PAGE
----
One of Qianlong Emperor’s most succinct poems in praise of this wonderful stone was quoted by David Kamansky, Director of Pacific Asia Museum, in the Forward to the book, “Chinese Jade, the image from within”, published in 1989. Its English translation by Stanley Nott reads as follows:
O, you one rock, you single stone!
Several thousand years it is since you came into the world.
Old articles are turned into new. Though you may not be priceless,Yet, elegant, for you have retained your original nature.
Sadly, a substantial number of the imperial works of art were plundered as war booty in 1860 by the invading British and French troops who burned Qianlong Emperor’s sumptuous old summer palace in the outskirts of the capital, thus revealing to the absolutely awed Westerners the marvels of Chinese culture and the ingenuity of the unsung and nameless craft heroes whose labours of love had created these absolutely exquisite objects. With the unprecedented expansion of the Chinese economy in the recent decades, which is the envy of the West and other developed countries, many of these stolen art works, including jades, have been brought back to China, where they rightfully belong, at record auction prices paid by Chinese tycoons for patriotic reasons. They then donated these to China’s leading museums to fill gaps in their important collections.This trend will continue.
The rationale why nephrite jade is so revered and deeply loved by the Chinese community has been touched upon in my previous jade article mentioned earlier, and I shall not repeat them here.
To appraise the commercial value and collector interest of these imperial and other superb nephrite jade pieces, one has to take into account the following criteria among other related factors. These would include the stone’s colour, clarity, texture, translucency, workmanship, cut and shape, rarity, market supply and demand and, very importantly, its provenance. In the past eras, a rare creamy “mutton fat” jade work was the most valuable and sought after, but nowadays the stone’s pure snow white quality has also increasingly come into the forefront of international demand to match the hitherto unrivalled popularity of “mutton fat” jade, whenever a perfect piece of either category does become available in the auction market. A good greenish nephrite jade piece is also well sought after at a very high price.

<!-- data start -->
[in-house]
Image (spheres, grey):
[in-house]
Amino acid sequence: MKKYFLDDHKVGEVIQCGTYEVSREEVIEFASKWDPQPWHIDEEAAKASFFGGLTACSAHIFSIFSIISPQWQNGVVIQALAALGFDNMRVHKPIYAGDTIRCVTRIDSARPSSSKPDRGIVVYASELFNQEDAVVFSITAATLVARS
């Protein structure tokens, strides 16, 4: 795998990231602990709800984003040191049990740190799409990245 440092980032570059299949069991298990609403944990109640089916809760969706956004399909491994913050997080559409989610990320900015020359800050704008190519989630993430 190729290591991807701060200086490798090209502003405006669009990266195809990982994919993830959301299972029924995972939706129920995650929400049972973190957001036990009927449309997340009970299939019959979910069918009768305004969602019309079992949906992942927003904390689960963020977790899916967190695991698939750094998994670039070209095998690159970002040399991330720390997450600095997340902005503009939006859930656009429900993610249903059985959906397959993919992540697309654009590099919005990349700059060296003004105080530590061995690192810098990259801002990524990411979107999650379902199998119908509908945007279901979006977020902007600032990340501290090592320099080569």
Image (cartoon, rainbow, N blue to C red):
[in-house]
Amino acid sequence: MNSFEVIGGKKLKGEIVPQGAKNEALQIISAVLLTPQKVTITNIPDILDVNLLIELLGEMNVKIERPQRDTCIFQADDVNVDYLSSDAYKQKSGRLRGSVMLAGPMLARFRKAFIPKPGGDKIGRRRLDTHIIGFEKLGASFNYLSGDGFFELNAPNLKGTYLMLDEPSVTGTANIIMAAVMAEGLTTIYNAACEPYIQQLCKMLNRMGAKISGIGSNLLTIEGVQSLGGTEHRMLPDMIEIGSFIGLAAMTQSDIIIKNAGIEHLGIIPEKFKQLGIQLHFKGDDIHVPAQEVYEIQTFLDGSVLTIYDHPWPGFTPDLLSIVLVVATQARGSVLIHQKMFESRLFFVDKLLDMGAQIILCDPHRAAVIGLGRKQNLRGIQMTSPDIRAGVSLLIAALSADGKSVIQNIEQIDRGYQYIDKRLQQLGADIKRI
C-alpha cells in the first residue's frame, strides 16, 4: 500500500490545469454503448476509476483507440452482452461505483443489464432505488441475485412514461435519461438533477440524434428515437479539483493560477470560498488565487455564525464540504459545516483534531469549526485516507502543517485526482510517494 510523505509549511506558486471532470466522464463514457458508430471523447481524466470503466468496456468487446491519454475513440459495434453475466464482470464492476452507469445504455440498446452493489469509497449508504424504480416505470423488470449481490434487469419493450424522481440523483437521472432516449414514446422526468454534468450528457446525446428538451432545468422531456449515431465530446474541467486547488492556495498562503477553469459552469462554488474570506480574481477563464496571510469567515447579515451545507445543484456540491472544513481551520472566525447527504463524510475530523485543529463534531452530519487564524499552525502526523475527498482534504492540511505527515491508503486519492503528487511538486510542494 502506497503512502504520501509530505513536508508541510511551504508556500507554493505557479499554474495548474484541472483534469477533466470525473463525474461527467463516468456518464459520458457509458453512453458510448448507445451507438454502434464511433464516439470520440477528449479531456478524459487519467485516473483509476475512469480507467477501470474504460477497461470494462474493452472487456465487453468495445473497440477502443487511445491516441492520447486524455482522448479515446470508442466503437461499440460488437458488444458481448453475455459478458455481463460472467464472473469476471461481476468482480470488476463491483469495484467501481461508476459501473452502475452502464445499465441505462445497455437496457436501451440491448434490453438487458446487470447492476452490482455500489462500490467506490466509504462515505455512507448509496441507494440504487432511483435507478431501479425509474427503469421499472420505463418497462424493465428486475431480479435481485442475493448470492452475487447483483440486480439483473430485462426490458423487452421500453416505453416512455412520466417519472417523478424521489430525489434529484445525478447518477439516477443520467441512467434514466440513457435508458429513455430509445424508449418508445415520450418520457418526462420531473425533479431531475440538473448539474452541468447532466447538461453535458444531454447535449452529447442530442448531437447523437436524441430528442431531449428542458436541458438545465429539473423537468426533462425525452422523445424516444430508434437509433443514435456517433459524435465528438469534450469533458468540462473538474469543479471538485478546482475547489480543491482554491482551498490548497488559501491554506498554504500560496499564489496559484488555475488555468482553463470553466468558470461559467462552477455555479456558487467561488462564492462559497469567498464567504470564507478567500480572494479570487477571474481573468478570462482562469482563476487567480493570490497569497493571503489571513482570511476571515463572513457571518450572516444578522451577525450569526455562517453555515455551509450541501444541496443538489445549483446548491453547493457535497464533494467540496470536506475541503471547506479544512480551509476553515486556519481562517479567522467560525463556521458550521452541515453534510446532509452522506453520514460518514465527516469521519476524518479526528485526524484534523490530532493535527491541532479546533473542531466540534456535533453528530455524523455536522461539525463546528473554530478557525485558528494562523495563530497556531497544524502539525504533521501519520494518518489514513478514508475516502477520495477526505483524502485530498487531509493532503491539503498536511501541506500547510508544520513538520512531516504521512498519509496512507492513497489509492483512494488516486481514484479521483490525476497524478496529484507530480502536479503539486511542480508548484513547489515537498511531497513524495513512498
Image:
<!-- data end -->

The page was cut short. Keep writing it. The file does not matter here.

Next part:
It is most interesting to note that, until 2014, the highest price fetched by a piece of carved jade at international auctions held in Hong Kong was a large nephrite imperial “Xintian Zhuren” seal of the Qianlong period which realised US $16 million, unmatched by the most expensive Burmese jadeite ladies jewellery piece. However, this record was convincingly broken a few months later, also in Hong Kong, when the imperial green Burmese jadeite necklace belonging to American celebrity Barbara Hutton-Mdivani was sold at US $28 million! Today, the most expensive jade pieces are mainly jewellery Burmese jadeite, due to the insatiable demand from wealthy ladies in Hong Kong, Mainland China and sometimes also from US and Europe.
As mentioned in my previous jade article above, I have been collecting nephrite jade carvings, mainly the so-called finger pieces, and a few larger ones, of the 18th to early 20th centuries vintages. Even these later pieces are not easy to come by nowadays at reasonable prices like those prevailing three or more decades ago. Today, the bulk of those available in the shops are mostly present day works from Mainland China, Macao and Hong Kong, albeit some are of very refined workmanship. Unfortunately, many of these are passed off as antiques by unscrupulous dealers at inflated prices, Only experienced collectors can detect their recent origin. It is therefore prudent for new collectors to buy the older pieces from a reputable shop at prices that they could afford and always insist on a certificate of authenticity for your own protection. Genuine antique jade pieces do command quite high prices now because their availability is finite, especially so if they are of good quality.
My small group of antique jades are kept in my display cabinets and one must be extremely careful when handling them as they are easily chipped or broken when dropped. These pieces have given me and my wife many hours of endless enjoyment. We have stopped buying them for many years now, because of scarcity of decent quality pieces and highly inflated prices which now prevail everywhere especially in China, because of their growing palpable affluence and demand and dwindling local supply.